Work with your HR and/or onboarding team to make sure employees understand what’s expected of them during that first week. Include any calendar invites to one-on-one meetings and training sessions, too. 

    3. Create structured programming for their first week (or month) 

    Especially in the beginning, virtual employees should have some structure in the onboarding process. Your onboarding plan should cover everything you want your employee to know about the company. Here are some things you should consider including in your virtual onboarding program: 

    Work with your HR team to put together a comprehensive list of what you want your new hires to understand from day one. From there, you can work with respective program owners to put together webinars that can be hosted on Zoom. Those webinars and training sessions should give your new employees an overview of everything they need to know about the company. 

    For example, we have executive guests present deep dives on their respective parts of the business. Our CEO, Alexi Robichaux, and COO, Eddie Medina, also present the company mission, company-wide goals, and an overview BetterUp. Our HR teams host sessions to help employees enroll in benefit plans. They also answer questions about some of the more logistical aspects of perks and benefits. 

    4. Implement moments that matter to build connections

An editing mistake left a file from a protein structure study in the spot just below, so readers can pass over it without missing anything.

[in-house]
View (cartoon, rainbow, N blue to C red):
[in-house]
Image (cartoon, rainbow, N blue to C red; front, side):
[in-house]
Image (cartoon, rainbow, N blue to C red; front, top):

For anyone that’s ever been through an onboarding process, it’s a lot to digest. Oftentimes, employees are loaded with massive amounts of information. 

    While it’s important to make sure employees get the information they need, it’s also important to make time for connections. Think about your company culture and ways you want to bring that culture to life for your new hires. 

    Find ways to implement programming that help to build social connections. For example, can you start off each training session with a different icebreaker? Or perhaps you can host a virtual happy hour at the end of week one? You might also consider sending your employees some swag to help build your employer brand. Whatever it is, find ways to make your employees feel connected and have a deep sense of belonging. 


    5. Introduce new team members to their team on day one 

    There’s something obvious about virtual teams: you’re not going to run into new faces in the “office.” 

    While it might seem obvious, it can be overlooked. Make sure you’re introducing your new hire to your team. 

    At BetterUp, managers introduce new team members on Slack. Whenever a new employee joins the team, the manager posts a nice welcome message with some information about the new hire. We’re also really big on coffee chats and making sure team members are getting to know the new employee. 

    When I started at BetterUp, my manager gave me a list of people to set up a coffee chat with. While I “met” many of my team members virtually on Slack, I also set up virtual meetings. It’s great to make sure your new hires get face-to-face time with their teammates, especially with remote teams.